These days you can learn just about anything about someone on social media. There are fewer lengthy phone calls to share exciting news with family or to catch up with friends. Instead, you might log in to Facebook and learn that your college roommate is expecting a baby or that your cousin just bought a new house. Social Media is great for keeping our friends and loved ones updated on our lives. But sometimes social media has its drawbacks if you are in the middle of a personal injury lawsuit. Most people do not know that a simple social media post could keep them from getting the complete recovery that they deserve. If you were hurt in a car accident, you deserve to be fairly compensated for your injuries, your medical bills, etc. Here are a few tips to help protect your rights:
1) Do not post about the accident on social media.
You never know when something you post could be taken out of context. Saying “I never saw it coming.” could be used by the other side to argue that you took your eyes off the road and were a contributing cause to the accident. This could reduce your right to recovery. You will get your chance to tell your story. But wait until you have a lawyer to make sure your choice of words is right.
2) Avoid social media as much as possible.
For starters, if you are injured, you should take it easy so that you can get better. But if there is a family vacation you cannot reschedule or a wedding that you cannot miss, do not post pictures or “check in” on social media. It would be bad for opposing counsel to discover that you took a trip to Disney World if you are claiming lost wages for missing work the week before.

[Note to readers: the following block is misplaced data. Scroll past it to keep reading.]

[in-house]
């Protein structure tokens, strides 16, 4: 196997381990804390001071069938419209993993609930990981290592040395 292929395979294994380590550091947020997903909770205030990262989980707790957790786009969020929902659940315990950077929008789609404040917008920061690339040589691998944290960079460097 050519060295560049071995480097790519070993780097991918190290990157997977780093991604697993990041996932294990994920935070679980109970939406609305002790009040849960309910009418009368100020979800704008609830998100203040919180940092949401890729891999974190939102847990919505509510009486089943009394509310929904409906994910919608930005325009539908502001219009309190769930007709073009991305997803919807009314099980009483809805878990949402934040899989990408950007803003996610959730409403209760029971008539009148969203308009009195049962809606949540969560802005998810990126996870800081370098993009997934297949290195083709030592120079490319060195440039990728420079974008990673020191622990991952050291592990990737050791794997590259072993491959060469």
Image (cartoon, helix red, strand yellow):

If you absolutely must post on social media, keeps posts to a minimum and unrelated to your case and your injuries.
3) Untag any photos of yourself. Ask friends and family not to tag you in photos until after
your case is over.
Being involved in a personal injury case does not mean that you can never leave the house. But do not allow pictures on social media because they can be taken out of context. A photo of you smiling with the bride on the wedding dance floor could hurt your recovery for a back injury even if you were never dancing!
4) Make sure your social media accounts are set to private.
This is a good principal in general. But if you have a personal injury case, you only want the other side to learn information about you through the formal discovery process. You do not want to give them information over the internet.
5) Assume that nothing on your account is “private” and that everything will be used against
Do not post anything that you would not want opposing counsel to see or read. Even if all of your accounts are set to private, the other side may still get access to your account records through subpoena or court order.
6) If you receive a friend request from an unknown person, do not accept it.
This is another good principal to follow in general, but be particularly suspicious of friend requests while your case is pending. Lawyers have ethical duties and cannot get information from you by fraud or impersonation. But you never know when the party who caused your injuries may try to trick you into giving them information.
Following graduation from Cumberland School of Law at Samford University, Eric Stevenson held a number of positions including Assistant State Attorney in the First Judicial Circuit of Florida. Eric has been practicing with partner Christopher Klotz since 2015 litigating personal injury and car accidents in Alabama and Florida.